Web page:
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Five Things We Learned From UFC 102

Todd DuffeeExperts who study boring things that aim to depress us say you can't learn anything watching TV. I say "bollocks" (which is a word I learned watching the BBC). Watching UFC 102 with a finely attuned eye, there was much to be learned.

Here's my list of five things I surmised from Saturday night's fights.

5. Chris Tuchscherer is the toughest man who ever lived
OK, maybe not the toughest, but he's got to be in the top five along with Evel Knievel, Aron Ralston (the hiker who cut off his own hand to survive an accident), Rasputin and of course, Chuck Norris.

For those of you who didn't see it, I strongly advise you to never, ever seek out the video clip. Seriously. (I'm practically dry-heaving writing this.)

Early in the fight, Tuchscherer was unintentionally hit with a Gabriel Gonzaga kick that landed in the worst place a man could be kicked. And as Mirko Cro Cop knows, Gonzaga kicks really hard. The sound was sickeningly similar to the one you hear when Albert Pujols squares up a Brad Lidge fastball.

Needless to say, if Tuchscherer had announced his retirement right then and there, no one would have blamed him. Instead, after puking and taking the full five minutes alloted for unintentional low blows, Tuchscherer somehow rose to his feet, put in his mouth guard and continued. Across the world, men doubled over and watched in equal parts horror and awe. Alas, there was no happy ending for him, as Gonzaga landed a head kick and eventually pounded Tuchscherer out.

Here's hoping that the UFC gives him another fight. He earned it.

4. Todd Duffee knows how to make an entrance
Most fans watching on Saturday night were probably unfamiliar with Duffee, but it's likely no UFC fighter ever made a more circuitous route to his octagon debut than the 23-year-old.

Duffee was signed back in February and was supposed to fight at UFC 99 before being pulled off the card in favor of the returning Cro Cop. Adding to his drama, he was asked to fly to Cologne, Germany as a potential replacement if something should go wrong. But everything went fine, so he stayed on the sideline. By the time he arrived in Portland, he'd racked up over 12,000 flying miles to make it to his debut fight.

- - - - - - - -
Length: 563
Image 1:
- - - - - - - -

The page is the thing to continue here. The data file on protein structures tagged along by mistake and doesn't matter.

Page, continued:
Not surprisingly, Duffee shot out of the gate with the ferocity of a caged animal, needing only seven seconds to knockout Tim Hague (that set a mark for the fastest KO in UFC history). Then he turned to the cameras and said, "Hello, world!"

Hello, indeed.

3. There's no home-field advantage in MMA
Five fighters with roots in or close to Portland walked into the octagon Saturday night, and only one walked out with a win. And even that one -- Evan Dunham -- needed a split-decision to do it.

Ed Herman, Krzysztof Soszynski, Chris Leben and Randy Couture all lost despite competing in front of 16,000 partisan fans.

2. Nate Marquardt has made a notable career progression
Marquardt's been thought of as a top 185-er for some time, but even that fails to take into account just how much he's altered his fight game in the last few years.

Most of the time, when fighters say, "I'm a whole different fighter," it's simply not true. But Marquardt is a whole new fighter, and to prove it, we point to this stat: In his first seven UFC bouts, Marquardt didn't have a single knockout. After knocking out Demian Maia on Saturday night, he now has three in a row.

Perhaps it shouldn't be surprising that his striking has been the last thing to develop. Marquardt spent the early part of his career fighting under Pancrase rules (open-hand striking only). Marquardt credits his improvement to renowned boxing coach Trevor Wittman.

Should Marquardt get another crack at Anderson Silva, his improved hands will only add to his confidence level. Not to say it's a good idea to trade blows with "The Spider," but Marquardt is suddenly showing everyone his standup is truly something to fear.

1. Nog's demise is greatly exaggerated
After Frank Mir knocked out Antonio Rodrigo Nogueira last December, the whispers immediately started that Minotauro was done, that he was too slow and had taken too much damage over the years. Some even suggested that Nogueira, who was only 32 at the time, should retire.

Somehow, many of us forgot that his whole career -- his whole life, really -- has been about comebacks.

As a child, Nogueira almost died after being run over by a truck. He still bears the scars as a reminder. As an adult, he routinely takes a beating and finds a way to win. The guy has more sequels in him than the Harry Potter franchise. Sure, his hands aren't quite as quick as they were a few years ago, but his jiu-jitsu is still a loaded gun to respect and fear.

Will Nog ever capture another major title? Who knows, but Saturday night was a reminder to bet against him at your own risk.

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